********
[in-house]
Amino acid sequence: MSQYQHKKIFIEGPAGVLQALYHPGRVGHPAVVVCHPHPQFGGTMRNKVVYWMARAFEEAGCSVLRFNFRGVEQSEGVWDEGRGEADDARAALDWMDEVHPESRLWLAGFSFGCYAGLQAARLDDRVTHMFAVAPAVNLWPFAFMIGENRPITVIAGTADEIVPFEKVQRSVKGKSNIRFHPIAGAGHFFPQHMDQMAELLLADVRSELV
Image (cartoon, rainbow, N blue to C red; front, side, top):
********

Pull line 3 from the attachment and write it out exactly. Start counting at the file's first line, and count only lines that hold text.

Image (cartoon, rainbow, N blue to C red; front, side, top):